Miller: And with this thing it's like you're telling a story told half from the point of view of a 13-year-old who's obsessed with sci-fi dystopian hard-edged time-travel-type storyline tropes, and then another half of the story told from an 8-year-old who's interested in totally different things, and seeing those worlds colliding and melding into one super-imagination is part of the fun.

And then they're due an existential crisis when they don't know whether they have any say in any of it.

Miller: Exactly. Then the next one will just be a real French, they'll be just, it's going to be sad people in hats, sitting in a café, drinking espresso.

Lord: Reading Camus.

You've made self-referential jokes and plots central to so many of your movies, and obviously the first LEGO movie was no exception. When you're doing a sequel, do you feel like you have to double down on it? Is there an endpoint to the amount you can do?

Lord: It can't be the only thing that's there. There has to be a lot of meat on the bone. I think it's fun to remind the audience that they're in a movie from time to time. But ultimately, we're really sincere guys and we want to tell an earnest sincere story that makes you care about the characters and the themes and all of that stuff. Being able to just have a little fun with it and remind ourselves not to take life too seriously is great but only works if there's something really there.

Miller: We take the movies seriously and the audience seriously, but we don't take ourselves seriously.

I know you did a rewrite or new draft in 2017, and in the opening of the movie, the LEGOs are living in a dystopia. That felt very timely, to say the least.

Lord: Well, when we were writing it, we were definitely conscious that the first movie presented a song that was meant to be ironic, but was kind of taken literally, called "Everything Is Awesome." It's a wonderful song but kind of lacking in nuance. And you know, we're thinking about the world today and how it's not really true that everything is awesome.

But there are some things in life that are awesome, and I think it's a choice that we can make to have that attitude, that we can still make things more awesome, and that's something that we need to have, and I think that's why the movie feels relevant today, and I think it will stay relevant going forward.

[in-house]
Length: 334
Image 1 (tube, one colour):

Miller: And you know, we're not powerless. We influence each other. That boy has tremendous influence over his younger sibling, and she has influence over him. And leadership that we can show in our day-to-day lives, modeling our values and also trying to be our best selves and listen to our better angels. That has a cumulative effect, and it's the thing that we can control, is the situations we make and the values that we try to embody.

At the end of the first movie, you hint at the younger sister being able to play with LEGOs, so the gender divide was baked into this one from the start. Now the older brother is now 13 and hard and into dystopia, and I'm not sure when the term "toxic masculinity" hit the mainstream, but it's definitely hinted at here.

Miller: It's a call for empathy. But also a lot of fun. It's not like we're trying to give a sermon on a soapbox to anybody, but just trying to talk about things that we care about. I think people can walk away with something if they want to get something out of it. And if they want to just go have a good time and laugh, they can get that out of it too.

Lord: We did think a lot about growing up, what it means, and whether, you know, what maturity looks like. I think there's an idea of maturity when you're 12 or 13 that is about being hardened and—

Miller: Cynical.

Lord: And avoiding shame and not allowing yourself to be vulnerable, and I think when you get a little bit older, the more sophisticated version of maturity is that you embrace your vulnerability and you learn to listen and be kind and empathetic and that certainly what Chris and I, in our extended adolescence, is what we aspire to.

Miller: The first year we went to Comic-Con I was like, "Wow, look at all these people dressing up, this is insane." And then the second year we went to Comic-Con I was like "Oh my gosh, this is amazing! This is a place where everybody can feel comfortable expressing themselves and feeling excited and happy and joyful about things." And protected and not, they don't have to feel any shame or embarrassment or ridicule.